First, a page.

Description: The eastern diamondback rattlesnake is the largest of the 32 species of rattlesnake currently recognized. They are large, heavy-bodied snakes with large, broad heads with two light lines on the face. Adults are usually 33-72 in (84-183 cm) long, but the largest individual on record was 96 in (244 cm). Mature snakes can tip the scales at over 10 lbs. The background color is brown, tan, or yellowish and covered with the namesake diamonds, which are brown and surrounded by lighter scales. Males are larger than females.
Range and Habitat: Diamondback rattlesnakes are restricted to the Lower Coastal Plain of the Southeast, from southern North Carolina to eastern Louisiana, although the stronghold of their range is in Florida and southern Georgia. This species usually inhabits dry sandy areas, palmetto or wiregrass flatwoods, pinewoods, coastal dune habitats, or hardwood hammocks. They generally avoid wet areas but sometimes live along the edges of swamps. They are accomplished swimmers and even travel through saltwater to and from barrier islands. In many locations this species relies heavily on gopher tortoise (Gopherus polyphemus) burrows during winter months.
Habits: Like most large pitvipers eastern diamondbacks spend most of their time coiled in palmetto thickets or other thick vegetation to ambush prey. Most movement between locations occurs during the day, and is mostly restricted to the morning and evening in summer. Diamondbacks spend the winter in stump holes or tortoise burrows but may emerge on warm winter days to bask. This species feeds almost exclusively on mammals, particularly rabbits. Mating occurs in the spring and fall and females give birth to 12 – 24 young in the late summer. Diamondbacks grow slowly, taking several years to reach maturity, and adult females only reproduce every 2-3 years.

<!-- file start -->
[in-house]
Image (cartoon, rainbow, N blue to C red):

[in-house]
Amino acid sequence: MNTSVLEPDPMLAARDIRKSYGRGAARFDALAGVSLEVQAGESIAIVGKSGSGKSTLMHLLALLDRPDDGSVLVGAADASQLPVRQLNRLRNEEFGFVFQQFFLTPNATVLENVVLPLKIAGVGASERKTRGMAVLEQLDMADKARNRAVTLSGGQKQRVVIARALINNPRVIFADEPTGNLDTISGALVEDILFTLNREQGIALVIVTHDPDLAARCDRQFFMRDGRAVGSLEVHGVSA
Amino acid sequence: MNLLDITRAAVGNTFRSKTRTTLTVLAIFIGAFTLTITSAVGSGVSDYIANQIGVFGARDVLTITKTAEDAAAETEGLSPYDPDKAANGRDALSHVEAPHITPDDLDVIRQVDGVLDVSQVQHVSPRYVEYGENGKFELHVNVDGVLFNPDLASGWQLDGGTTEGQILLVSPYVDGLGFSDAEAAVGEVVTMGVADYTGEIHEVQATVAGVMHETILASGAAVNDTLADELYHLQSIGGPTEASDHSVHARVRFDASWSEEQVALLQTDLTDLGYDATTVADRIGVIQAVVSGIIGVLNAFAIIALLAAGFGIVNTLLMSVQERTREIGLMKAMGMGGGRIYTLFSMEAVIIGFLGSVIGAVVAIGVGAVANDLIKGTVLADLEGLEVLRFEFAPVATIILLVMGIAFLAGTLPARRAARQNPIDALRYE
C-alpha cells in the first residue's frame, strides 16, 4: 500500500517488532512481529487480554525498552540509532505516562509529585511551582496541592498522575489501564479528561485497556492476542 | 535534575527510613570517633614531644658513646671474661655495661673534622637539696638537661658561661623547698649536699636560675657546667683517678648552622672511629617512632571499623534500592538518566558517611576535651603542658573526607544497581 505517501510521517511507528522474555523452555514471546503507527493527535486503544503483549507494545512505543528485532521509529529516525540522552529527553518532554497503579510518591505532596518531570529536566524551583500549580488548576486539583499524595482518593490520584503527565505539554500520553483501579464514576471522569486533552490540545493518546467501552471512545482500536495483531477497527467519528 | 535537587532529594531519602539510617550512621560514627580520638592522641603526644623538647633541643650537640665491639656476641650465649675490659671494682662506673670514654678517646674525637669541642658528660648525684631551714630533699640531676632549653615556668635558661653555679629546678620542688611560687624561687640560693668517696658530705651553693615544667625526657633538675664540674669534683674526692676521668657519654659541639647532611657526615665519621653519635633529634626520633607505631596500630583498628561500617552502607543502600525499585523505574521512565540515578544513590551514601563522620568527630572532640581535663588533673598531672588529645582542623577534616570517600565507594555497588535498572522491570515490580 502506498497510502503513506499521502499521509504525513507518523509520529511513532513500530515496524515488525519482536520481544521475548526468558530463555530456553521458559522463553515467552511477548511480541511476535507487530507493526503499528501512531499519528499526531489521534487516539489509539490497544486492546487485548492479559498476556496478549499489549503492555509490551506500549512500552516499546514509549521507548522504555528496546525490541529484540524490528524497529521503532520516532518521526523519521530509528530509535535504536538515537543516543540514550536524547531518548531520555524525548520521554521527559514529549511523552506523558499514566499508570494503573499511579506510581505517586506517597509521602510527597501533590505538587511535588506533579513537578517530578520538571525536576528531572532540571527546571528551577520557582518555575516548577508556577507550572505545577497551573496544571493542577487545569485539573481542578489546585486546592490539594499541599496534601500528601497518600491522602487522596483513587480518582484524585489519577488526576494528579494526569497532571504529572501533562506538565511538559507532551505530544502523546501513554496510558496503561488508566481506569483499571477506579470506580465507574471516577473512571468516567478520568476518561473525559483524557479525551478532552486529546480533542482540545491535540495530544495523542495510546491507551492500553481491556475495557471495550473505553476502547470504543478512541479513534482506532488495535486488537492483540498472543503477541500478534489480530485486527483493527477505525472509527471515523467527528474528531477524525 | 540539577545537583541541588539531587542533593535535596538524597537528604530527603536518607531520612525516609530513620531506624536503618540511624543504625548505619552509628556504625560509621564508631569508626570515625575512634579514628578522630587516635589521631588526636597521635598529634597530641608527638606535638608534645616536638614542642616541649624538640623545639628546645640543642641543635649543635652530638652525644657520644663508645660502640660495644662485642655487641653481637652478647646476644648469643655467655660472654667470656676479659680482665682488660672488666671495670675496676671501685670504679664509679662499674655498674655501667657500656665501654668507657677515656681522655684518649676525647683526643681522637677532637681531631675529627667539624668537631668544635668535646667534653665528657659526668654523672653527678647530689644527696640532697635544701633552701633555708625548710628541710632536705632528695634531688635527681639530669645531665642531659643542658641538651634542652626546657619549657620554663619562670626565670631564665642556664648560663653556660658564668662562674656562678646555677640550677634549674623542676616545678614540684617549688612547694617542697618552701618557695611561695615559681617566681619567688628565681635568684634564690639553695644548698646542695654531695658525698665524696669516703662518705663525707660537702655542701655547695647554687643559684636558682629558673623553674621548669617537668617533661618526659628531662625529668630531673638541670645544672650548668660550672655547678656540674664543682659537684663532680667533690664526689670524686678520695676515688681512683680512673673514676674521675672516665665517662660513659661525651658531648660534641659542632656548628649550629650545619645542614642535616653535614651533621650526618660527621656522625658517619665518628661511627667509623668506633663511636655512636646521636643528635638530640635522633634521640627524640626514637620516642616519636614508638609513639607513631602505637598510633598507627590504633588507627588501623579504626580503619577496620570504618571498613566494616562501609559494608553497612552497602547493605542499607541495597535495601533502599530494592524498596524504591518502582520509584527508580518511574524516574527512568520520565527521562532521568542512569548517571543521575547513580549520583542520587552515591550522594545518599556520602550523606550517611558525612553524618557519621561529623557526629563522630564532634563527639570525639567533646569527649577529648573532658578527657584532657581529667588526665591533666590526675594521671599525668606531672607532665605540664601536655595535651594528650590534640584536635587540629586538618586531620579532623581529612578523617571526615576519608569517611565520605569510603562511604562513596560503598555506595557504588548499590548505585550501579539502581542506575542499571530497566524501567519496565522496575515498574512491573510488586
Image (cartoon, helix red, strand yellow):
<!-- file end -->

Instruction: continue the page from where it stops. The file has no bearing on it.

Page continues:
Conservation Status: The eastern diamondback Rattlesnake receives no federal protection despite the fact that it has declined over much of its range. This species is protected in North Carolina , where it is likely extirpated (none have been seen in NC since the early 1990s). Rattlesnake roundups take place in Alabama and Georgia. Whigham and Claxton, Georgia, hold roundups every year but capture fewer and fewer snakes through time. Roundups have been considered to be ecologically disastrous by some conservation biologists because of certain harmful capture methods (such as pouring gasoline down burrows) and because of the attitude created by a festival atmosphere during which wildlife is destroyed. The emphasis on some snake roundups has shifted to greater environmental awareness and a change in focus from collecting rattlesnakes to other activities. Habitat destruction, wanton killing, and highway mortality are also take their toll on this slow moving and slow to reproduce reptile.
Speake, D. W., and R. H. Mount. 1973. Some possible ecological effects of "Rattlesnake Roundups" in the southeastern Coastal Plain. Proc. 27th Ann. Conf. S. E. Assoc. Game Fish Comm. 1973:267-277.
Account Author: Matthew King, University of Georgia – edited by J.D. Willson